VILLA: One of the big things that Dave and Walter, the first assistants, did for us was do these massive supergroups of all the performances. Basically, this multi-view mode but by factors of several. For all the takes of the performances, they stacked everything all together so that John and I could flip through. That was both terrifying but very handy. 

REDMOND: It did almost break Avid at one point.

You're talking about using multicam groupings, right? 

REDMOND: That's right. We're shooting some of the big set pieces, a minimum of four cameras, sometimes five, and multiple takes. So one of those supergroups could have 30-40 different shots. On top of that, Baz is a huge fan of rolling resets, so any one take might have five or six sub-takes within it. Keeping track of that was also challenging, not just for us but the assistants as well. Even though we're shooting digital, there are still limits as to how long the camera can roll, but everyone did a great job. It was a lot of material. It was well over 600 hours' worth of stuff.

My gosh.

REDMOND: It took a lot of work for these systems to wrangle that.


Did some of the montages that are in the show turn into montages because you needed to shorten the film, or were all the montages designed as montages?

VILLA: Baz loves to shoot a lot of his rehearsals, his dress rehearsals, costume tests, and things like that. We all know that a lot of the footage will end up in the film. A lot of that early fifties montage when Elvis goes on the road, that's from various costume tests. Some of them are planned, and some of them just came to be.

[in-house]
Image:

You mentioned that those montages were also done in the style of the period, so how much research did you guys do outside of Elvis? It sounds like there was a lot of Elvis research, but was there also watching The Ed Sullivan Show or other shows there were taking place in those various eras?

REDMOND: Baz always has go-to references for the 40's or 50's style montage. He always references Sunrise and some films in the '20s, so we're always researching stuff. We did a deep dive into split screens to see how people approach it in the past and how we might do it differently.

You guys are usually working with Baz. Different directors are different about how much cleaning up they need. When you present something to him, how much do you clean it up? How perfect do you get the audio edits? How much do you worry about the mix? 

REDMOND: Anything goes with Baz. He can fill in a lot of blanks in his head. He prefers to see things rough and ready and quickly than to perfect them. We can get any bit of music in there that sets the tone, or the music guys can give us just any old song mashed together. We'll use it. He's really good at reading ideas presented any which way.

That's so interesting. Have you both worked with directors who are different than that?


VILLA: Yeah. Some directors that you think would be really attuned to that style just aren't, which is nobody’s fault. It's just different. You quickly lock into a director's needs and what level of polish they need to get an idea through.

That's interesting because there are so many different ways to approach a scene, and there are also different ways to approach a director. You mentioned earlier that you had an interview with one of your assistant editors. What was it about that person or that interview that made you feel like this person is somebody I can hang out with for the next two years?

VILLA: It was probably foremost on both John's and my mind to gear them up for what they were in for because we knew what the hours would be. Baz likes t